My husband pretty much puts salsa verde on everything. What I mean by everything is everything. Well, besides sweets. That's why part three of this preserving series is all about salsa verde. We used to buy it at Trader Joe's, but it's not organic and it has "natural flavors" which is code for MSG. We can't have that, can we? I was delightfully surprised to find how easy it was to make it. The most time-consuming part was unwrapping the tomatillos; a job my younger two happily helped with when I told them it's good practice for unwrapping Christmas and birthday presents. Speaking of presents, having homemade goods on hand can be used as lovely gifts. I made three batches of this recipe to last us for the year (and maybe share a jar or two, if Jeremy lets me). This is a hotter recipe than the one at Trader's but I wouldn't classify it as hot. It's more of a medium salsa. If you want it hotter, add more chilies. If you're interested in a fermented version of salsa verde, you might want to try this recipe. It didn't go over well here and I wanted something to last thru the year so we stuck with canning.
Read about canning basics here. There is an initial investment in canning. The beauty of it is you get to use it over and over again and if canning is something you love, it's totally worth it. If you have absolutely no canning equipment, I recommend getting this canning kit. It has absolutely everything you need besides the jars and the ingredients. You will also need canning jars; either one flat of 1-pint jars or two flats of half-pint jars. If you are making this for yourself, I highly recommend also getting these reusable, BPA-free lids and using them instead of the ones that come with the jars. You can use those later when you make a batch to give away or use as gifts. You'll also want and immersion blender to purée the salsa.
Prep. time: 1.5 hours, yields about 10 pints
- 5 pounds tomatillos
- 9 serrano chilies or jalepeños (we preferred serranos)
- 2 cups lemon or lime juice, or a mixture of the two
- 2 peaches
- 1 cup fresh cilantro leaves
- 2 onions
- 16 garlic cloves
- 1 tablespoon Celtic sea salt
- 1 tablespoon ground cumin
This, my friends, is a bag of gorgeous, organic tomatillos, still wrapped in their husks.
First, remove the husks. This is a happy job to do with others.
We had one bowl for the husks (that were given to the chickens) and one for the naked tomatillos. They're sticky once the husks are removed. Wash them well. Mine were still a bit sticky even after I soaked them in this produce wash and thoroughly rinsed them.
Husking the tomatillos might take longer than you thought. It's okay. They keep really well. I think mine waited on the countertop a coupe days after husking them before they became salsa. Poor lil naked guys. Waiting so long for their home in a jar.
Once you're ready to can, fill the canner to that line you see the water almost touching.
Place your clean jars, seven at a time, into the canner. Heat on high and bring to a boil. Drop your lids, seals, and rings (or if you're not using the reusable tops, you'll just have lids and rings) into a pot full of water, bring to a boil, then turn the heat to simmer and let them sit there until you're ready for them.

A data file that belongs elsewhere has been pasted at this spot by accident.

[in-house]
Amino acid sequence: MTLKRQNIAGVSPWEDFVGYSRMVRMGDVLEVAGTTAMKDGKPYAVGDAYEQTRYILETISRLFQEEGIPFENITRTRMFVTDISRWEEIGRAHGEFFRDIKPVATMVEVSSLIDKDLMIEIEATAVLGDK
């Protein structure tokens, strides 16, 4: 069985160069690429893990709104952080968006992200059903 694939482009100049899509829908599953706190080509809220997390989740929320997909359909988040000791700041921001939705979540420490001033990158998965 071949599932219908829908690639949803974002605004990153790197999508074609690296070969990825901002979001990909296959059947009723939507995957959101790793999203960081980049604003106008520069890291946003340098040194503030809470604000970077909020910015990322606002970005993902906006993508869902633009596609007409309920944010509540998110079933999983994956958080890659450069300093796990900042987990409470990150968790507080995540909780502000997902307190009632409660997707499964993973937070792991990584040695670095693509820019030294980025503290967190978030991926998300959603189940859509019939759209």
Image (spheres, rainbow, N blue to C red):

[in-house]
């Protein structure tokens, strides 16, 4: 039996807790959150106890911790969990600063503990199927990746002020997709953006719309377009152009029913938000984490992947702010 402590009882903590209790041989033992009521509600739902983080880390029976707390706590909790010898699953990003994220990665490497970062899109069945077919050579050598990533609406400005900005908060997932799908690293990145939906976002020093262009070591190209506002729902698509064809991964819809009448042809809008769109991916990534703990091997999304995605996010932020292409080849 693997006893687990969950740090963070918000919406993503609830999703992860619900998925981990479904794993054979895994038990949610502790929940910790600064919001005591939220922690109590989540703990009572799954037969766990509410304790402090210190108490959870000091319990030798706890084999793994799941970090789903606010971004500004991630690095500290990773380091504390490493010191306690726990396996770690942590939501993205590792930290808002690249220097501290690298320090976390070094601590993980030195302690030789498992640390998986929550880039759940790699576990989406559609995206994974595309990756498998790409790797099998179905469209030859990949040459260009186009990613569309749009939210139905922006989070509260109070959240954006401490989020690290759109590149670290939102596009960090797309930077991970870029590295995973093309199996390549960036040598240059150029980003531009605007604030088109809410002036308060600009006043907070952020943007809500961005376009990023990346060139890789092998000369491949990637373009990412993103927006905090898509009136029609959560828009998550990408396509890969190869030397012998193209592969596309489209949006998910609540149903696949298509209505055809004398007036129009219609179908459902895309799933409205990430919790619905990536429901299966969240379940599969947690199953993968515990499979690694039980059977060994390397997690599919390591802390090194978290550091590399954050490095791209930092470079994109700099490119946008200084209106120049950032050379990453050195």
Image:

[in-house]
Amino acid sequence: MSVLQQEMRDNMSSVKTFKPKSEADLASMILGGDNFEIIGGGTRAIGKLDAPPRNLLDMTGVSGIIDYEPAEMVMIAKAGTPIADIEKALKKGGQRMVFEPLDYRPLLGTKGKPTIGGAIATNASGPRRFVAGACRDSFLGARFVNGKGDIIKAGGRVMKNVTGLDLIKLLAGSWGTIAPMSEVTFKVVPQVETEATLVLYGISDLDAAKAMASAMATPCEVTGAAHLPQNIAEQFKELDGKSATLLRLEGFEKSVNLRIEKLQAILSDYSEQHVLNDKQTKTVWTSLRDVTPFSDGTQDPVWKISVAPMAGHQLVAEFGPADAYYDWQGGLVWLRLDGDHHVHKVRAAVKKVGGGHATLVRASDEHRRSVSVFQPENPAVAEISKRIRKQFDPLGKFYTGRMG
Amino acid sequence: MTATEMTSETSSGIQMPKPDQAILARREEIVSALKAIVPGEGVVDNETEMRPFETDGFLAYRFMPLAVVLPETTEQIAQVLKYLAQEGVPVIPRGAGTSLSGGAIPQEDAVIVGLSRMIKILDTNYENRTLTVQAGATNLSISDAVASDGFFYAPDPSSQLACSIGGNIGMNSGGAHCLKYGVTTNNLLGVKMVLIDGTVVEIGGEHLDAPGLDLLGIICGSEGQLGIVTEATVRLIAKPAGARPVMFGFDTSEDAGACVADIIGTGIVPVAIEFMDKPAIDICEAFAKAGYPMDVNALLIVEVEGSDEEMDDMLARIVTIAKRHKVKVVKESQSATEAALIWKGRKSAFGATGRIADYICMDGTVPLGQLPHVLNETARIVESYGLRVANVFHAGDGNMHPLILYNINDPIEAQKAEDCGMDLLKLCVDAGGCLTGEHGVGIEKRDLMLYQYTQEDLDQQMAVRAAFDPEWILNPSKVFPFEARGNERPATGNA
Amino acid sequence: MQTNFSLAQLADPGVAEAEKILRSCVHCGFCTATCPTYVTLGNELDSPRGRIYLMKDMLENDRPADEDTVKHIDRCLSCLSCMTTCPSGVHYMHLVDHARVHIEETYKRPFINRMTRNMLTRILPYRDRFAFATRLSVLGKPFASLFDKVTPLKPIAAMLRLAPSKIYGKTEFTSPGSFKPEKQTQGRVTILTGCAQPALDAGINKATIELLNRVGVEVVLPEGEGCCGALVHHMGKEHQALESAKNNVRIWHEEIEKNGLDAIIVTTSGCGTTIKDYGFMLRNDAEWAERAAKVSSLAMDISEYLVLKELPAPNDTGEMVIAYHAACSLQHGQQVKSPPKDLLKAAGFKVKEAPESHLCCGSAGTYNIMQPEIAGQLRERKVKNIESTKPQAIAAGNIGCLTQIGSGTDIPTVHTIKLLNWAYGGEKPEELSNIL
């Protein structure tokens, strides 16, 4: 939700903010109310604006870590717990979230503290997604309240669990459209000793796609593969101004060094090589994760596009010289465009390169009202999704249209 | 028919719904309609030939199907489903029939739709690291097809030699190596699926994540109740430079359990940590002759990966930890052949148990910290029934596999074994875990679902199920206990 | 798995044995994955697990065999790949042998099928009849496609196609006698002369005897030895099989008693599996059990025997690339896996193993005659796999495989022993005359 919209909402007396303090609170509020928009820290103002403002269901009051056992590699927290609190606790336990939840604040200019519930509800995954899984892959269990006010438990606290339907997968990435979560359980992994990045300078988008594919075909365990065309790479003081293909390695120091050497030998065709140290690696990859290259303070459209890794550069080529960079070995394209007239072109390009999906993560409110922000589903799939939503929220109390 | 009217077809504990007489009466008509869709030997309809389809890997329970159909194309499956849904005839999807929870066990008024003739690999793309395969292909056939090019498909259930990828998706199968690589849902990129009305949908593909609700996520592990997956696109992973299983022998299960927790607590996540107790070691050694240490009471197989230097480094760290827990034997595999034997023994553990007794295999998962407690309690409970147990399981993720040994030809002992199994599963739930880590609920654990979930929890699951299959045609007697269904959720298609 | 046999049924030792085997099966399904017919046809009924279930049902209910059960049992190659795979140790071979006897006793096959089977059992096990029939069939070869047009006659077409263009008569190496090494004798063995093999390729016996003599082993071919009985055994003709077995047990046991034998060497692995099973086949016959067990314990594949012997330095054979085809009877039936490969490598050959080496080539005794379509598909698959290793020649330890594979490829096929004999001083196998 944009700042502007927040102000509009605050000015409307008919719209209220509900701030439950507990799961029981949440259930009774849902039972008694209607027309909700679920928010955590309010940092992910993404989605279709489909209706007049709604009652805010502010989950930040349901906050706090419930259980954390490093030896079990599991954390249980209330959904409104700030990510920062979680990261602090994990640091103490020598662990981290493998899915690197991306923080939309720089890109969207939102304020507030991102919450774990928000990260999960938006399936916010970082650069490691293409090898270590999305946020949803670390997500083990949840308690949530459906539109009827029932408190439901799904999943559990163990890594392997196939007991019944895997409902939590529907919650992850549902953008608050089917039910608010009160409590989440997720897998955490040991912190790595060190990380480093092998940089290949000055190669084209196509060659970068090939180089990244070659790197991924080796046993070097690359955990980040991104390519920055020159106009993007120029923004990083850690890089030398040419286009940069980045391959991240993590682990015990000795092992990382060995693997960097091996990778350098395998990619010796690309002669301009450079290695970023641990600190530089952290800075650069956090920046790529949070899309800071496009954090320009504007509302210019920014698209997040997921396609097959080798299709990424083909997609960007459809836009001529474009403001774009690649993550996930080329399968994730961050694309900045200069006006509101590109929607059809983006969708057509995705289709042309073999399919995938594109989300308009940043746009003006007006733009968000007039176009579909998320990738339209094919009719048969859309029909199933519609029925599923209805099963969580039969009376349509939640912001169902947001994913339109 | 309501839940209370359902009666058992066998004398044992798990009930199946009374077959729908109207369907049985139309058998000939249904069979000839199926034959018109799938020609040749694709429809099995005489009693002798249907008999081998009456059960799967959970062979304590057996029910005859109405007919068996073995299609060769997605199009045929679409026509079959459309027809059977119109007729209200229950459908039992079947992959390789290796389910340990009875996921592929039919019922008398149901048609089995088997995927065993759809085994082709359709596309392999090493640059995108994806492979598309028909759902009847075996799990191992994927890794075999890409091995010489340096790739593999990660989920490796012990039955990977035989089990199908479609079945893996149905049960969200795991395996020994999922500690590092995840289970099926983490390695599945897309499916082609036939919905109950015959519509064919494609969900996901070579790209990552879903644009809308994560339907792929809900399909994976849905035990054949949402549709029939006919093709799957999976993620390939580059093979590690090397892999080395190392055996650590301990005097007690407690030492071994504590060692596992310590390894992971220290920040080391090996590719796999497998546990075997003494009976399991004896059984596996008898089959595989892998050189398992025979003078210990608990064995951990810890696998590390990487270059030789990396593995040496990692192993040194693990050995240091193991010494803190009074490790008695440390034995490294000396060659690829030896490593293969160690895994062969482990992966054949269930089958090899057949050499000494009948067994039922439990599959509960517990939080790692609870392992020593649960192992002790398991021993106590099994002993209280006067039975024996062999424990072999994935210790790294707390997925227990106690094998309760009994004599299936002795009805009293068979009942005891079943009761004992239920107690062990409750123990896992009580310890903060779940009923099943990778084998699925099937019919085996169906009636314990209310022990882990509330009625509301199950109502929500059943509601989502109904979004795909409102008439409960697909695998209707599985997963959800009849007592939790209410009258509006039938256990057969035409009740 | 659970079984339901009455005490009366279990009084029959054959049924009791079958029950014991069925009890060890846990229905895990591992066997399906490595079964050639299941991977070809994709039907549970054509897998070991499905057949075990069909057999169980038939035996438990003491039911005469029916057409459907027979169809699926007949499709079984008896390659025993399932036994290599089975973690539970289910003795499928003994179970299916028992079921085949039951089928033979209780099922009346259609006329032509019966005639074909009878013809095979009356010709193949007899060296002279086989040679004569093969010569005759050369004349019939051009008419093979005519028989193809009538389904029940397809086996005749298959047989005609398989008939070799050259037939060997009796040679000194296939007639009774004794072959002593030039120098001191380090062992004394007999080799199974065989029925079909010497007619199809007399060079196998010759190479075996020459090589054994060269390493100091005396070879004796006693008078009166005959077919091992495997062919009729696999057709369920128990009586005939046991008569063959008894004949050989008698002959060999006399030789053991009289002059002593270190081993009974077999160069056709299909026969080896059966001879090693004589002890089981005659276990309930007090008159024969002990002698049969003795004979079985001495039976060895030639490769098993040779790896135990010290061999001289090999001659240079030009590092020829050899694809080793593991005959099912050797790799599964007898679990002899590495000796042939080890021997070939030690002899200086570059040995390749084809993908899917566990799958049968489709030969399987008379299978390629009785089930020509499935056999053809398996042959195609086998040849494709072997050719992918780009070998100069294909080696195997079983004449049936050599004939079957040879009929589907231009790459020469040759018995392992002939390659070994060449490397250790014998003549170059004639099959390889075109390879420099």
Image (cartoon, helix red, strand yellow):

While you're waiting for the canner to come to a boil, cut the tips off the chilies. You won't want to touch them. Trust me on that one. Unless you enjoy the feeling of throbbing fingers as you fall asleep that night. I didn't have any gloves except for the ones I clean with (ew) so I used a plastic bag.
Put tomatillos and chilies in a large sauce or stock pot. No need to seed the chilies. Nice, right?
Now juice the lemons and/or limes. It's important to use this much lemon/lime juice to keep the acidity levels safe enough to can the salsa. Add it to the pot with the tomatillos and chillies and bring it to a boil.
While you're waiting for the mixture to boil, coarsely cut onions and peel garlic. Peel, pit, and quarter peaches. Remove cilantro leaves from stems. If the tomatillos and chilies come to a boil before you're done, turn the heat to a simmer and finish preparing the rest of the ingredients.
Add cilantro, peaches, garlic, onions, salt, and cumin to hot mixture. Use immersion blender until everything is puréed.
Turn heat to medium/high and bring to a boil while stirring constantly. Boil for about one minute, then reduce heat to a simmer. Skim off any foam.
Ladle the salsa into the jars using a funnel. Leave one half inch head space (the space between the surface of the salsa and the top of the jar).
Wipe the rim with a damp towel to ensure proper sealing.
Place the seal on the jar. Make sure it's centered so it seals properly.
Add the lid and screw on the band until it's snuggly sealed but not too tight. Air bubbles need room to be let out.
Process in a hot water bath for 20 minutes. To see my method for water baths and rotating empty and full jars, look through the strawberry jam post.
Set the jars in a draft-free area where they won't be disturbed. If you're using Tattler lids, unscrew the bands the following day and check to see if they sealed. Store them in a cool, dry, dark place until you're ready to enjoy.
- 5 pounds organic tomatillos: $10
- 12 1-pint jars (mine were given to me so they were free) $9.55 (reusable!)
- 1 packet Tattler lids: (also given to me so they were free) $12 (don't forget they're reusable too!)
- Lemons & peaches (given to me from friends' trees): FREE
- Onions, salt, cumin, cilantro: $2.50
- Garlic (homegrown): FREE
Cost to buy NON-organic salsa verde: $5.70
Once we grow our own tomatillos, onions, and cilantro this salsa will practically be free!
Did I think it was worth it? Definitely. Preserving salsa verde has been fit into our summer rhythm from here on out.